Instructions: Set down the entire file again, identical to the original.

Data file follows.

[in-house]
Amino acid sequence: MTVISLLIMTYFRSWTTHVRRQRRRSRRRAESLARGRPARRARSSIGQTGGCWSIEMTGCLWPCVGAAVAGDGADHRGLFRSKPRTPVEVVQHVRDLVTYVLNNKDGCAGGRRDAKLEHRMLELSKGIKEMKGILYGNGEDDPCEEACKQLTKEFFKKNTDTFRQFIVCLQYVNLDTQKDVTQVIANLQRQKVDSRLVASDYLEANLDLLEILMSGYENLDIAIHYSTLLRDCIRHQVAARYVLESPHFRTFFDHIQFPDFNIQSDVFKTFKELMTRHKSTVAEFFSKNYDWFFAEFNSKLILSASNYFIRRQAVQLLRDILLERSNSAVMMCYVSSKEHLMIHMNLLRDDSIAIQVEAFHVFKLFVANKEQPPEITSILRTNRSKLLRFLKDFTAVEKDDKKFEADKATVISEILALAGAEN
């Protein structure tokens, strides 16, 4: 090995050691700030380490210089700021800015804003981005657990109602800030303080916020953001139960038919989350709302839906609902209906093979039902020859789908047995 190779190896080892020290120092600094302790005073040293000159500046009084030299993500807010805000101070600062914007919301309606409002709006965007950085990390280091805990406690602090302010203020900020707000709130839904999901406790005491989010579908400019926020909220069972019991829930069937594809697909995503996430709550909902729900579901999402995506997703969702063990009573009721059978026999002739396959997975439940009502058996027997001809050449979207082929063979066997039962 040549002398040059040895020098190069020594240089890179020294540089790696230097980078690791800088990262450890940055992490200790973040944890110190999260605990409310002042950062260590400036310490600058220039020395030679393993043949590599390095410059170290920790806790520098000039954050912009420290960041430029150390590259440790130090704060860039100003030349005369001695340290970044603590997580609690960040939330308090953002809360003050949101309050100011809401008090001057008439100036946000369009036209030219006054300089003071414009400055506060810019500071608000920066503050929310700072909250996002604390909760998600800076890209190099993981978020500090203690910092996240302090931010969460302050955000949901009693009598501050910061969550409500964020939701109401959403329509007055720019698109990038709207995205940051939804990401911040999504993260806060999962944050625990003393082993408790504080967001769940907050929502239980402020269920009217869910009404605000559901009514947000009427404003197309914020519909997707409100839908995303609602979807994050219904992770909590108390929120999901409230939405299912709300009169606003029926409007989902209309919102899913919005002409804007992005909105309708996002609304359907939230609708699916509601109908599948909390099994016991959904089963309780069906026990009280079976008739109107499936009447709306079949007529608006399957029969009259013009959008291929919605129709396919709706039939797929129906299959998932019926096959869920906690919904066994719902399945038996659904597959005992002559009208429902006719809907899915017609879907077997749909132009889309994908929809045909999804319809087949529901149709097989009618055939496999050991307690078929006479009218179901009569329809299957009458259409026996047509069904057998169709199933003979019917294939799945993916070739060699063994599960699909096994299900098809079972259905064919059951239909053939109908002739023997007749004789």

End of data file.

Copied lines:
[in-house]
Amino acid sequence: MTVISLLIMTYFRSWTTHVRRQRRRSRRRAESLARGRPARRARSSIGQTGGCWSIEMTGCLWPCVGAAVAGDGADHRGLFRSKPRTPVEVVQHVRDLVTYVLNNKDGCAGGRRDAKLEHRMLELSKGIKEMKGILYGNGEDDPCEEACKQLTKEFFKKNTDTFRQFIVCLQYVNLDTQKDVTQVIANLQRQKVDSRLVASDYLEANLDLLEILMSGYENLDIAIHYSTLLRDCIRHQVAARYVLESPHFRTFFDHIQFPDFNIQSDVFKTFKELMTRHKSTVAEFFSKNYDWFFAEFNSKLILSASNYFIRRQAVQLLRDILLERSNSAVMMCYVSSKEHLMIHMNLLRDDSIAIQVEAFHVFKLFVANKEQPPEITSILRTNRSKLLRFLKDFTAVEKDDKKFEADKATVISEILALAGAEN
């Protein structure tokens, strides 16, 4: 090995050691700030380490210089700021800015804003981005657990109602800030303080916020953001139960038919989350709302839906609902209906093979039902020859789908047995 190779190896080892020290120092600094302790005073040293000159500046009084030299993500807010805000101070600062914007919301309606409002709006965007950085990390280091805990406690602090302010203020900020707000709130839904999901406790005491989010579908400019926020909220069972019991829930069937594809697909995503996430709550909902729900579901999402995506997703969702063990009573009721059978026999002739396959997975439940009502058996027997001809050449979207082929063979066997039962 040549002398040059040895020098190069020594240089890179020294540089790696230097980078690791800088990262450890940055992490200790973040944890110190999260605990409310002042950062260590400036310490600058220039020395030679393993043949590599390095410059170290920790806790520098000039954050912009420290960041430029150390590259440790130090704060860039100003030349005369001695340290970044603590997580609690960040939330308090953002809360003050949101309050100011809401008090001057008439100036946000369009036209030219006054300089003071414009400055506060810019500071608000920066503050929310700072909250996002604390909760998600800076890209190099993981978020500090203690910092996240302090931010969460302050955000949901009693009598501050910061969550409500964020939701109401959403329509007055720019698109990038709207995205940051939804990401911040999504993260806060999962944050625990003393082993408790504080967001769940907050929502239980402020269920009217869910009404605000559901009514947000009427404003197309914020519909997707409100839908995303609602979807994050219904992770909590108390929120999901409230939405299912709300009169606003029926409007989902209309919102899913919005002409804007992005909105309708996002609304359907939230609708699916509601109908599948909390099994016991959904089963309780069906026990009280079976008739109107499936009447709306079949007529608006399957029969009259013009959008291929919605129709396919709706039939797929129906299959998932019926096959869920906690919904066994719902399945038996659904597959005992002559009208429902006719809907899915017609879907077997749909132009889309994908929809045909999804319809087949529901149709097989009618055939496999050991307690078929006479009218179901009569329809299957009458259409026996047509069904057998169709199933003979019917294939799945993916070739060699063994599960699909096994299900098809079972259905064919059951239909053939109908002739023997007749004789």